The reason that feelings of anger and rage are so typically expressed by them is that they externalize in the very moment the far more painful anxiety or shame related emotions hiding just beneath them, especially when others bring their deepest insecurities too close to the surface.

13. They make it clear they know everything.

After all, they know more about everything than anyone else, and they’re not afraid to show it. In fact, they can be expected to argue, educate, and inform you about virtually every topic you bring up in conversation. They certainly don’t shy away from disagreements or opportunities to teach you about their way of thinking and make sure you know that their way is the better one.

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Kris Lee

Emotional health and communication writer

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Last Updated on February 11, 2021

Easily Misunderstood by Others? 6 Barriers You Should Overcome to Make Communication Less Frustrating

Easily Misunderstood by Others? 6 Barriers You Should Overcome to Make Communication Less Frustrating

How often have you said something simple, only to have the person who you said this to misunderstand it or twist the meaning completely around? Nodding your head in affirmative? Then this means that you are being unclear in your communication.

Communication should be simple, right? It’s all about two people or more talking and explaining something to the other. The problem lies in the talking itself, somehow we end up being unclear, and our words, attitude or even the way of talking becomes a barrier in communication, most of the times unknowingly. We give you six common barriers to communication, and how to get past them; for you to actually say what you mean, and or the other person to understand it as well…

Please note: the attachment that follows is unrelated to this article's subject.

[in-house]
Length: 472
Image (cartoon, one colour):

The 6 Walls You Need to Break Down to Make Communication Effective

Think about it this way, a simple phrase like “what do you mean” can be said in many different ways and each different way would end up “communicating” something else entirely. Scream it at the other person, and the perception would be anger. Whisper this is someone’s ear and others may take it as if you were plotting something. Say it in another language, and no one gets what you mean at all, if they don’t speak it… This is what we mean when we say that talking or saying something that’s clear in your head, many not mean that you have successfully communicated it across to your intended audience – thus what you say and how, where and why you said it – at times become barriers to communication.[1]

Perceptual Barrier

The moment you say something in a confrontational, sarcastic, angry or emotional tone, you have set up perceptual barriers to communication. The other person or people to whom you are trying to communicate your point get the message that you are disinterested in what you are saying and sort of turn a deaf ear. In effect, you are yelling your point across to person who might as well be deaf![2]